Five Best Songs from Guru’s ‘Jazzmatazz, Vol. 2′ Album
When speaking of East Coast hip-hop of the '90s, Gang Starr is likely to come up as one of the preeminent duos from that era. Comprised of the late Guru and DJ Premier, the pair would help cultivate the sound that was prevalent throughout the second golden era of New York rap.
Guru founded the group in 1985 with his original partner DJ 1,2 B-Down, but joined forces with DJ Premier in 1989, after 1,2 B-Down's departure. From there, the revamped Gang Starr released their 1989 debut, No More Mr. Nice Guy, on Wild Pitch Records. While the album was a marginal success, their switch to Chrysalis Records proved to be a fruitful one as their 1991 sophomore album, Step in the Arena, would be the beginning of one of the best streaks of rap releases in hip-hop history.
Guru was always a capable MC, but much of the credit for the group's success would often go to DJ Premier, which led to him being one of the most sought-after producers in hip-hop during the mid-'90s. While Premier began to expand his production clientele, Guru decided to take a step out on his own as well in 1993, releasing the first of a trilogy of Jazzmatazz albums.
A longtime jazz aficionado, Guru enlisted some of the genre's most accomplished musicians including Lonnie Liston Smith, Branford Marsalis, Donald Byrd and Roy Ayers, among others, to craft the opus. Jazzmatazz, Vol. 1 was very well-received and proved that Guru could in fact hold his own and was no means being carried by anyone.
The success of the first volume prompted a sequel, Guru's Jazzmatazz, Vol. 2: The New Reality. Released on June 18, 1995, this album's lineup wasn't as star-studded as the first, but stylistically was up to snuff and actually outperformed its predecessor in the marketplace, peaking at No. 16 on the Billboard Top R&B/Hip-Hop Albums chart.
Featuring appearances from the likes Kool Keith, Jamiroqaui and Patra, Jazzmatazz, Vol. 2: The New Reality is definitely an underrated gem that more people should be up on and The Boombox is here to make sure that happens. Check out five best songs from the album for your listening pleasure.
"For You" is a number that sees Guru giving reverence to his parents and friends for their loyalty and guidance. Featuring Meshell Ndegeocello, who handles hook duties on this outing, "For You" plays as a rap ditty, but could pass as a beefed up jazz composition with its crisp instrumentation. One of the more serious selections on the album, the Brooklyn transplant lays down his rhyme attack over a horn-heavy soundbed complimented by murky drums, all of which equal a pleasant listen without compromising your boom-bap fetish.
While Jazzmatazz Vol. 2 is primarily a jazzy affair, the album gets a jolt of boom-bap with the enticing offering, "Choice Of Weapons." Featuring Gus Da Vigilante, Guru and Gus pummel the beat with bruising bars, like "Yo, the question remains, kid, why you flexing like a bicep / Heat on ya' hip just to get a rep it ain't worth it / Just because you pack a biscuit / Doesn't mean you can't become another statistic / You figure..." and other hard-boiled takes over dusty drum kicks, keys, and wailing saxophones. Vocalist Dee C. Lee turns in an impressive performance on the chorus and completes the cipher with her soulful adlibs, making "Choice Of Weapons" one of Jazzmatazz Vol. 2's finer moments.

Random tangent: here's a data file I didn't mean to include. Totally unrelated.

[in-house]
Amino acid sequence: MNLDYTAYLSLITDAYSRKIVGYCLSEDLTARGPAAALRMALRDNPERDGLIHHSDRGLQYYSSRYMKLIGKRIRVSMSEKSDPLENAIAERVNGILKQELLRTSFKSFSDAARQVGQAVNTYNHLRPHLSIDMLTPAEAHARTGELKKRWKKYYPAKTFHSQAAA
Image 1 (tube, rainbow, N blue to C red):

Jazzmatazz Vol. 2 gets a boost when Philadelphia native Bahamadia makes her presence known on the album cut, "Respect The Architect." Produced by Guru himself, the beat features synths and piano keys, courtesy of jazz musician Ramsey Lewis, as well as timely scratches by DJ Scratch, causing for a plush soundbed for Bald-head Slick and Bahamadia to volley their rhymes over. Bahamadia takes the bulls by horn with a stellar opening stanza, while Guru adds reinforcement before flipping the order on the second verse, causing for "Respect The Architect" to play as a true collaboration rather than a Guru track with a guest for show.
Guru gets contemplative on the Jazzmatazz finale, "Revelation," a thoughtful cut that sees the lyrical half of Gang Starr dropping gems alongside guest MC Bu. The is preceded by "Skit B (A Lot On My Mind), which features Guru being comforted by a female attempting to relieve his stress, setting the tone effectively for the rest of the track. Touching on the despair that plagues the inner-city with the lines, "Constant, all of our lives, all of our dreams / It seems we can never accomplish a thing," Guru serves up a healthy dosage of reality rap with his bars. Despite being a relative unknown, Bu manages to steal the show with impressive rhymes and an undeniable presence, rapping "I do with what I got to get what I need / Speed and greed only adds up to body-bags / I'm just glad I got breath to breathe / Too many dropping like leaves off trees," serving as the most valuable rapping costar on Ja.zzmatazz Vol. 2
Guru warns rappers and other entertainers to be leery of their words on the Jazzmatazz Vol. 2 heater, "Watch What You Say." Beginning the song with a brief skit speaking on his feelings of art influencing life, the King of Monotone then delivers two steady verses over a beat containing a sample of Quincy Jones' "The Midnight Sun Will Never Set." Listeners also get a special treat in the form an appearance from legendary songstress Chaka Khan, who provides the hook and a verse of her own, lending her distinct vocals to the track, which serve as the cherry on top for this classic jam.
[gallery galleryid="625:163568" showthumbs="no" enablefullscreen="yes"]